Post Author: Eliza Buchakjian-Tweedy
I live on the Maine/New Hampshire border. The radio in my bedroom gets better reception from Maine’s NPR affiliate, the one in the kitchen tunes into the New Hampshire station. Which means, recently, that I wake up to Maine’s Governor LePage saying that one of the big concerns of the heroin epidemic is that (black) drug dealers are impregnating (white) women; as I pour my coffee, I hear about the NH state legislator who suggested that women who breastfeed in public should expect to have their breasts and nipples fondled.
Mornings have been rough around here.
Even without the racially-charged language being used in Maine (horrifying in itself, but a post for another day), these stories have been a constant reminder of the continuing objectification and sexualization of women in our culture. Each morning I am told anew that women are two-dimensional building blocks for the construction of men’s multi-dimensional identities.
It is one thing for me – an educated, privileged woman who spends a lot of time deconstructing patriarchy – to hear this normalized sexism. It is quite another thing for my children, or for the many who grew up on these narratives. Because this narrative goes unchallenged in most cases, and rape culture is alive and well in our society.
In this, as in so many things, I wish I could look to the church for a corrective: to be the counter-cultural insitution that calls us away from modern American society, and towards God’s realm in this world. I wish that the church would hold up the autonomous, prophetic voice of Mary (Luke 1); the understanding and witness of the Samaritan woman at the well (John 4); the courage of the Gentile woman willing to challenge Jesus’ exclusivity (Matthew 15; Mark 7) as counterpoints to the dominant narrative. I wish the church would live into its own powerful and inclusive Gospel message.
But the church has also been built upon the bodies of women, reduced to two dimensions: sex and reproduction, Eve and Mary.
The church routinely tells us that the stories of women don’t matter, except in service to a male-centered narrative. Mary is not a prophet or a disciple in her own right, but a virgin and mother to a son. The Samaritan woman is not an intelligent counterpoint to Nicodemus’ failure to understand; she is a man-chasing slut. The Gentile woman isn’t a good debater who gets Jesus to change his mind, she is a tool in his project to school the (male) disciples.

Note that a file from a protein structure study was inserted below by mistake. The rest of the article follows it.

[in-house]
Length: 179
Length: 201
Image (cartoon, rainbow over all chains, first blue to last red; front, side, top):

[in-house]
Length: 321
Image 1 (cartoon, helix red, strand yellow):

Sunday mornings are rough, too.
If we are serious about our intent to bring God’s realm on earth, we need to be equally serious about addressing the sexism in our churches. We need to do the painful work of deconstruction – even demolition – so as to build a balanced church upon a multi-dimensional foundation. We need to scrape away the traditions and tear down the theology that makes the stories of men normative and universal, but stories of women specific and individual. We need to be the corrective.
If we are serious about discipleship, we will hear the pain of women’s lived experiences of sexism. We will speak out against abuse in God’s name; against the “cross to bear” narrative that keeps women in life-threatening situations. We will see women as more than their desirability and fecundity, more than the Eve/Mary binary. We will take seriously the micro-aggressions, the uncomfortable “compliments,” the subtle shaming. We will take responsibility, and repent, for our participation in a society that legislates women’s bodies and passes judgment on their sexuality. We will communicate the expectation of bodily autonomy and healthy sexuality for all.
If we are serious about being the church, we will work intentionally to create a counter-culture in which women’s words trump our clothing choices; in which women’s ideas are heard on their own merits without being “mansplained;” in which the pitch of our voices is less important than the power of our preaching. We will create a culture where equal pay for equal work is normative rather than exceptional; where women are equally considered for positions of authority – with adults as well as children! – and have equal access to full-time ministry positions with benefits (a problem even in churches with lower pay gaps).
If we are serious about following Christ, we will seek to imitate the Incarnate Word, for whom equality and equity weren’t women’s issues, but justice issues: God issues. We will heed the modern prophets who dare to tell the uncomfortable truths of systemic sexism within our sacred spaces.
If we are serious, then the church will be our needed corrective, and the loving justice of Christ will accompany us into the world and into the halls of power – in New Hampshire, in Maine, and beyond.
And mornings won’t be so rough anymore.
Eliza Buchakjian-Tweedy is the Pastor and Teacher of First Church Congregational, United Church of Christ, in Rochester, NH since 2012. Despite trying hard to become an academic, with a focus on politics, law, and social justice, Eliza finally gave in to God's sense of humor in the form of a call to ministry. She now combines her earlier passions with a love of the Gospel, and strives to move herself and her congregation out of the realm of the theoretical and into the practical, hands-on work of discipleship. She strives as well to get her mostly-white, New England congregation to move to the beat, clapping on one and three. So far the Holy Spirit has given more success with the former than the latter, but she holds out hope. Eliza and her wife have two sons, ages 6 and 4. Follow Eliza on twitter @elizaflemingbt.
Image by: Lawrence OP
Used with permission